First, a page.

In the Kedushah prayer, we quote the verse from Isaiah from the prophet’s vision in the Temple in Jerusalem of God sitting on a high and exalted throne as angels surround Him singing, “Holy, holy, holy, is the Lord of Hosts, the whole earth is filled with His glory.” Even though we conceive of God’s presence filling all of Creation, we’ve recognized that by creating Temples and synagogues, special places to represent the divine presence in our midst, we are better able to feel a sense of holiness among us. Thus, the concept of a special direction for prayer helps us connect with the divine presence in the world. We turn toward the land of Israel, direct our prayers to the place that God singled out as His holy city, and focus our attention on the place where once our Temple stood. Within that ancient shrine, the holiestspot was the Kodesh HaKodashim, the Holy of Holies, entered but once a year on Yom Kippur by the Kohen Gadol, the hIgh priest. By directing our prayers to that very same place, by concentrating our hearts and minds on God’s presence among us, we send our prayers to God on high. As Solomon suggested, when we pray toward that holy spot, our heartfelt words will rise before the heavenly throne and elicit a response from the Almighty.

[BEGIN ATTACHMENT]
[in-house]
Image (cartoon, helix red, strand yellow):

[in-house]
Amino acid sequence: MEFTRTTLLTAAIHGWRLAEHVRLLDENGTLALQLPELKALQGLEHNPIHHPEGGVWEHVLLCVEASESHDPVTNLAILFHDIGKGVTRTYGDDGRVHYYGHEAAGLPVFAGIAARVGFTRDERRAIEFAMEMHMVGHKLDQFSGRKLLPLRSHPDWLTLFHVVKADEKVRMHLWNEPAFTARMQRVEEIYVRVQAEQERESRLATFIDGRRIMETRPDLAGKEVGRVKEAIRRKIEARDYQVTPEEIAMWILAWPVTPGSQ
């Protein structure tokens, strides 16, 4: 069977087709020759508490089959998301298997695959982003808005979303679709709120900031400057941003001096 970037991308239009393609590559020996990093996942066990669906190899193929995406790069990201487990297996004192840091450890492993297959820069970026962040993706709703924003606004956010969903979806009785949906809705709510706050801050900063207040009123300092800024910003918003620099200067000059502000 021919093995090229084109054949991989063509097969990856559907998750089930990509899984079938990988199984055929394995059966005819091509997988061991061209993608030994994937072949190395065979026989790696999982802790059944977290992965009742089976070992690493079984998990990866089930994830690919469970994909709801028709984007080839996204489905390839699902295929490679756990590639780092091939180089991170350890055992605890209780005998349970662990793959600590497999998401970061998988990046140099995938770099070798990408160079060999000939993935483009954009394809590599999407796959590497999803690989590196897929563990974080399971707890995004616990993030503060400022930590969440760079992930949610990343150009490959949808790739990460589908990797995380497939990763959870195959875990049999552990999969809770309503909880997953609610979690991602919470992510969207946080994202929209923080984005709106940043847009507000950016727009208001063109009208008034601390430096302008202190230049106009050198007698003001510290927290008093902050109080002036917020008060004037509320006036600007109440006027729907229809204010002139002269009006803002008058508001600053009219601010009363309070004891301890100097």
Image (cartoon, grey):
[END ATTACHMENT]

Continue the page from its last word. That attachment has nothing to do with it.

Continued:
We have now entered the month of Av,” Menachem Av” as the rabbis called it, Av the Comforter. We take time out in the week ahead to mark the fast of Tisha B’Av, to reflect on the tragic events of Jewish history, to mark the destruction of both the first and the second Temple, through the reading of Eichah, the book of Lamentations, and the collected poems, Kinot, that bewail tragedies through the centuries that befell our people. Out of those memories of loss and destruction arise our hopes for future redemption of the world, for a time when there will be an end to sinat chinam, the pointless hatred of various factions and denominations which led to the ancient destructions and still tear at the fabric of Jewish life, and divide people throughout the world. Every day we continue to turn toward that sacred spot, to offer our prayers to God on high even as we recall God’s House, the Holy Temple that once stood in Jerusalem. The description by the prophet who wrote Eichah of the desolation of the ancient city is no longer accurate. But the forces of division and dissension unfortunately are stlllthere. We pray toward Jerusalem and we pray for Jerusalem. To quote the Psalmist, “Sha’alu sh’lomYerushalayim, seek the well-being (the peace) of Jerusalem, may those who love you, be at peace. May there be well-being within your ramparts, peace in your citadels. L’maan achai v’reiai adabra na shalom lach, for the sake of my brethren and friends, I pray for your well-being and for the sake of the house of the Lord our God, I seek your good.”